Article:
Eating grain on the Sabbath (Lk 6:1-6:1)

“One Sabbath,

While Jesus

Was going through

The grain fields,

His disciples plucked

Some heads of grain.

They rubbed them

In their hands.

Then they ate them.”

 

Ἐγένετο δὲ ἐν σαββάτῳ διαπορεύεσθαι αὐτὸν διὰ σπορίμων, καὶ ἔτιλλον οἱ μαθηταὶ αὐτοῦ καὶ ἤσθιον τοὺς στάχυας ψώχοντες ταῖς χερσίν.

 

Luke followed the order of Mark, chapter 2:23, while Matthew, chapter 12:1, has this incident of plucking grain on the Sabbath later in his work.  Luke said that on one Sabbath day (Ἐγένετο δὲ ἐν σαββάτῳ), while Jesus was going through some grain fields (διαπορεύεσθαι αὐτὸν διὰ σπορίμων), his disciples plucked some heads of grain (καὶ ἔτιλλον οἱ μαθηταὶ αὐτοῦ).  This is the only use of the word “σπορίμων” in all of the biblical literature.  All three synoptics used this word that meant a sown field or a grain field, so that they may have copied it from Mark.  This is also the only time that the word “ἔτιλλον, plucking” appears in its various forms by the three synoptics.  Once again, Mark may have the source for this word.  The disciples rubbed these grains in their hands (ψώχοντες ταῖς χερσίν) and ate the heads of these grains (καὶ ἤσθιον τοὺς στάχυας).  In Matthew and Luke, the disciples ended up eating the grain, but Mark did not explicitly mention that.  Matthew was the only one to say that the disciples were hungry, but that may be presumed in the other 2 accounts.  This leisurely Sabbath walk through the grain fields set up the problem of plucking grain on the Sabbath.

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Disciples plucking grain (Mk 2:23-2:23)

“One sabbath,

Jesus was going through

The grain fields.

As they made their way,

His disciples

Began to pluck

Heads of grain.”

 

Καὶ ἐγένετο αὐτὸν ἐν τοῖς σάββασιν παραπορεύεσθαι διὰ τῶν σπορίμων, καὶ οἱ μαθηταὶ αὐτοῦ ἤρξαντο ὁδὸν ποιεῖν τίλλοντες τοὺς στάχυας.

 

Matthew, chapter 12:1, as well as Luke, chapter 6:1, are similar to Mark.  In Matthew and Luke, the disciples were also eating the grain, but that is not explicitly mentioned here.  Mark said that Jesus was going through the grain fields on the Sabbath (Καὶ ἐγένετο αὐτὸν ἐν τοῖς σάββασιν παραπορεύεσθαι διὰ τῶν σπορίμων).  This is the only use of the word “σπορίμων” in all the biblical literature.  All three synoptics use this word that meant a sown field or a grain field, so that they may have copied it from Mark.  Jesus’ disciples (καὶ οἱ μαθηταὶ αὐτοῦ) made their way through the field (ἤρξαντο ὁδὸν).  They began to pluck the heads of the grain in the field (ποιεῖν τίλλοντες τοὺς στάχυας).  This is a unique word “τίλλοντες, plucking” that only appears in the New Testament literature in this story by the three synoptics.  Once again, Mark may have the source for this word.  This set up the problem of plucking grain on the Sabbath.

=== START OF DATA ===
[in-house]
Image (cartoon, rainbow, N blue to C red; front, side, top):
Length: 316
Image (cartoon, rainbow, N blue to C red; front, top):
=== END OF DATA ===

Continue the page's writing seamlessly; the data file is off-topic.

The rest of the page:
Different printed Bibles

The early bibles had to be copied by hand in manuscript form, since there was no printing press until the 15th century.  The classic Bible of the middle ages was the 4th century Latin Vulgate translation of St. Jerome.  The first book ever printed in the 15th century was the Latin Bible.  In the 16th century, the various translations began to appear, the most famous being the German New Testament translation of Martin Luther.  The English, under King James I (1603-1625) decided to set up a committee to translate the Bible into Elizabethan English.  They finished their task in 1611.  The King James Bible became the only authorized Bible in the English language and has dominated the American religious scene, because of its use among the American Puritans.  The Roman Catholics produced an English Douay-Rheims translation of the Bible in France about the same, in 1609-1610.